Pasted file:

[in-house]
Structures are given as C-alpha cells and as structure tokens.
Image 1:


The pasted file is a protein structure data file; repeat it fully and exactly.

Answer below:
[in-house]
Structures are given as C-alpha cells and as structure tokens.
Image 1: